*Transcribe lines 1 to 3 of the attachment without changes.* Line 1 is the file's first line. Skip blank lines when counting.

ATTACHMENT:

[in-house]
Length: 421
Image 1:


[in-house]
Length: 421
Image 1: